Let authority of ‘hidden law’ rule in Arizona

Future historians will likely be flummoxed by the moment we’re living in. In what amounts to less than a blink of an eye in the history of Western civilization, homosexuality has gone from a diagnosed mental disorder to something to be celebrated — or else.

Indeed, the rush to mandatory celebration is so intense, refusal is now considered tantamount to a crime. And, in some rare instances, an actual crime if the right constable or bureaucrat concludes that you have uttered “hate speech.”

Or, if you refuse to bake a gay couple a cake for their wedding. That was the horror story that sparked much of this foofaraw.

Arizona’s proposed SB 1062 would have amended the state’s Religious Freedom Restoration Act so as to cover businesses the way it already covers government. Arizona’s religious freedom statute was modeled on a similar federal law signed by Bill Clinton with large bipartisan majorities in both houses. It would have allowed small businesses to decline work that violated their consciences, unless the government could show a compelling reason why such refusal was unreasonable or unjust.

Speaking of unreasonableness, according to ESPN’s Tony Kornheiser, if Arizona allows bakers to refuse to bake cakes for gay couples, gays may have to wear “yellow stars” like the Jews of Nazi Germany.

Now lest you get the wrong impression, I am no opponent of gay marriage. I would have preferred a compromise on civil unions, but that ship sailed. The country, never mind the institution of marriage, has far bigger problems than gays settling down, filing joint tax returns and arguing about whose turn it is to do the dishes.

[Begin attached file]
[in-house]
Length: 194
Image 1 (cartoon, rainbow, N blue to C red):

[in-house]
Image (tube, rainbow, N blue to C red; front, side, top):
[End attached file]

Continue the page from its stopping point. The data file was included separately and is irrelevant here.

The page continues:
In 2000, Jonathan Rauch, a (gay) brilliant intellectual and champion of gay marriage, wrote a wonderful essay on “hidden law,” which he defined as “the norms, conventions, implicit bargains and folk wisdoms that organize social expectations, regulate everyday behavior, and manage interpersonal conflicts.” Basically, hidden law is the unwritten legal and ethic code of civil society. Abortion, assisted suicide and numerous other hot-button issues were once settled by people doing right as they saw it without seeking permission from the government.

“Hidden law is exceptionally resilient,” Rauch observed, “until it is dragged into politics and pummeled by legalistic reformers.” That crowd believes all good things must be protected by law and all bad things must be outlawed.

As society has grown more diverse (a good thing) and social trust has eroded (a bad thing), the authority of hidden law has atrophied. Once it was understood that a kid’s unlicensed lemonade stand, while technically “illegal,” was just fine. Now kids are increasingly asked, “Do you have a permit for this?”

Gay activists won the battle for hidden law a long time ago. If they recognized that, the sane response would be, “You don’t want my business because I’m gay? Go to hell,” followed by a vicious review on Yelp. The baker would pay a steep price for a dumb decision, and we’d all be spared a lot of stupid talk about yellow stars.

(Jonah Goldberg is a fellow at the American Enterprise Institute and editor-at-large of National Review Online. You can write to him in care of this newspaper or by e-mail at goldbergcolumn@gmail.com, or via Twitter @JonahNRO.)

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